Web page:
Coding & Quality Measures Tip PQI 07: Hypertension Admission Rate

by | Jul 10, 2018 | Coding Tips, Education, ICD-10, Patricia Maccariella-Hafey, Quality Measures Tips | 0 comments

Pat Maccariella-Hafey​, RHIA, CDIP, CCS, CCS-P, CIRCC Pat Maccariella-Hafey​, RHIA, CDIP, CCS, CCS-P, CIRCC
Executive Director of Education
AHIMA‑Approved ICD‑10‑CM/PCS Trainer and Ambassador

Our Coding & Quality Measures Series discusses how coding may adversely affect your quality statistics and bottom line. For this weeks tip, our Executive Director of Education, Patricia Maccariella-Hafey, RHIA, CDIP, CCS, CCS-P, CIRCC explores what happens to your Hypertension Admission Rate quality metric when a coder erroneously reports hypertension. Patricia also provides key takeaways and best practices.


 

PQI 07: Hypertension Admission Rate

Did you know that by coding hypertension with associated CKD correctly along with any surgical dialysis access creation on patients admitted with hypertension, will keep the case out of the AHRQ PQI #07: Hypertension Admission Rate quality measure?

The Prevention Quality Indicators (PQIs) are a set of measures that can be used with hospital inpatient discharge data to identify quality of care for “ambulatory care sensitive conditions.” These are conditions for which good outpatient care can potentially prevent the need for hospitalization or for which early intervention can prevent complications or more severe disease. The PQIs are population based and adjusted for covariates. With high-quality, community-based primary care, hospitalization for these illnesses often can be avoided. Because the PQIs are calculated using readily available hospital administrative data, they are an easy-to-use and inexpensive screening tool.

PQI 07 states: “Admissions with a principal diagnosis of hypertension per 100,000 population, ages 18 years and older. Excludes kidney disease combined with dialysis access procedure admissions, cardiac procedure admissions, obstetric admissions, and transfers from other institutions.”

Takeaways

Let’s say a coder erroneously reports I10, Hypertension NOS, for hypertension with CKD stage IV instead of I12.9, Hypertensive CKD with stage I-IV and N18.4, CKD stage 4. The coder also forgets to assign or correctly code creation of an AV fistula such as 03180ZD, Bypass Left Brachial Artery to Upper Arm Vein, Open Approach, in anticipation of future dialysis on this case. This can cause the case to hit the PQI #07 quality measure! Also, if the diagnoses codes are coded correctly, however the AV fistula creation code is incorrect, the case may also hit the PQI #07 quality measure.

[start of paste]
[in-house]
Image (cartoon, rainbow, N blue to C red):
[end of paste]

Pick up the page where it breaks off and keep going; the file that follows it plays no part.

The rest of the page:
There is also a list of cardiac procedures that can exclude the case from this measure.

There are other exclusions to this measure such as an incorrect UB04 admission source (2-other hospital and 3-another facility, including long-term care excludes the case) or point of origin code (POO) 4-transfer from a hospital, 5-transfer from an SNF or ICF, and 6-Trans from another health care facility, which exclude the case. Please see the references below for more information.

The Code Hard Truth: Every Code Counts!


References
AHRQ Prevention Quality Indicators Technical Specifications and Appendices
http://www.qualityindicators.ahrq.gov/Modules/pqi_resources.aspx
http://www.qualityindicators.ahrq.gov/Downloads/Modules/PQI/V2018/TechSpecs/PQI_07_Hypertension_Admission_Rate.pdf
ICD-10-CM Official Guidelines for Coding and Reporting FY 2018
https://www.cdc.gov/nchs/data/icd/10cmguidelines_fy2018_final.pdf

 

The information contained in this post is valid at the time of posting. Viewers are encouraged to research subsequent official guidance in the areas associated with the topic as they can change rapidly.

Coding staff development and training is vitally important in helping to mitigate compliance risks and promote appropriate reimbursements for health systems.

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